Your explanation doesn't hold water. I believe I was right in my original assessment.
 
Mark, western Oklahoma empties into the Wal-Mart Supercenters in the Oklahoma City metro area on the weekend. As usual, you don't have a clue as to what you're talking about.

Why don't you write a post about how you used to be a bigot? Wait, you'd have to quit being one first.

Drlobojo, this is an amazing condensation of Mark! Bravo!

"Mark, you take offense as quick as you give it, and if you can't find it you invite it. If it won't come on its own, then you create it."

KEvron, yes, I can see that. But I cannot imagine inserting my penis into any orifice of a man, or receiving another man's penis into any orifice, or appendange, of my own. I can't believe I had to spell that out. Come on, people!

You two anonomi, take it outside, jerks.
 
ER, don't be too hard on Mark. He has had a tough week. First one of us "snooty" "intellectual snobs" got to him at his work and threated his very livelyhood. That kind of thing eats at all of our souls. Then he gets pulled over by of all things a Maryland Conservation Officer and has his territorial domain of his car invasively searched by an obtuse authority figure.
Hell, better that he lash out at an imagenary on-line enemy at a safe and insulated distance that doing it closer to home and for real. Anger and depression are nasty things to deal with. I'll not condemn anyone who is trying to deal with them, unless they actually in reality threaten me.
 
So people can get in their cars, drive by Wal-Mart in their little town and go to the big city to shop at Dillard's. Yeah. Here in Oklahoma that could be a 100 mile trip, one way. And last I checked, Dillard's didn't sell toilet paper or any of the other basics of life.
I don't shop at Wal-Mart because I have other options, but Dillard's sure isn't on the list of close substitutes in my world.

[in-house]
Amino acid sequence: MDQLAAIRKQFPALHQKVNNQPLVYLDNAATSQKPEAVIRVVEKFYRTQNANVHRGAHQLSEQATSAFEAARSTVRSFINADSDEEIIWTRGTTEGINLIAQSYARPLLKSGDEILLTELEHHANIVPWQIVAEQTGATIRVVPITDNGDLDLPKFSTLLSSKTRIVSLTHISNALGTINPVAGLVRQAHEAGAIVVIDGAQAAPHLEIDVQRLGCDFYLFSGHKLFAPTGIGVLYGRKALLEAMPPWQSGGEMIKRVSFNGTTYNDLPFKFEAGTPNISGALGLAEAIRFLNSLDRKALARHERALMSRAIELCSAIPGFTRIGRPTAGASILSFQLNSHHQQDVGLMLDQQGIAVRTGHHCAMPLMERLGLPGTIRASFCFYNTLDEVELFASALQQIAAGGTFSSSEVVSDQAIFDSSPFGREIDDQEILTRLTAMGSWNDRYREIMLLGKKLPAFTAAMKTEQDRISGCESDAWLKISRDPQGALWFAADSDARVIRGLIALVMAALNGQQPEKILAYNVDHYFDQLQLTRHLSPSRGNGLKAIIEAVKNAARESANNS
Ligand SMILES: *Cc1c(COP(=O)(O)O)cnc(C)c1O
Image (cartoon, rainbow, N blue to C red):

Washington County MD, where Mark lives, had a populatio of about 131,000 in 2000.

In 2000, in Oklahoma, the bottom 24 counties' -- TWENTY-FOUR -- populations added up to that.

There are only FOUR counties in Oklahoma with as much population as Washington County, MD:

Oklahoma, Tulsa and Cleveland (suburb of OKC). Marks "rural county" would be the fourth most populous in Oklahoma, just ahead of Comanche (Lawton, city of about 90,000 plus Fort Sill).
 
"....I cannot imagine inserting my penis into any orifice of a man"

c'mon, er! that's not what the film is about, nor does the director encourage the viewer to extend his empathy to that extent. it's not about fucking; that's just the superficial vehicle for the message. it's about devotion, longing, desire and denial. it's about oppression.

it's about freedom, plain and simple.

KEvron
 
I agree, KEv.

I wrote:

"I cannot see myself being one of those boys -- and that is one of the circumstantial truths that helped me shake -- is helping me shake -- the judgmentalism I grew up with."

I was referring specifically to being attracted to a man that way and to homosexual sex acts. It is my inability to imagine myself having such feelings for another man, and my inability to imagine myself do those things, that suggest that whatever else homosexuality, it is no more or no less a sin than any other sin, which was the point of my remark.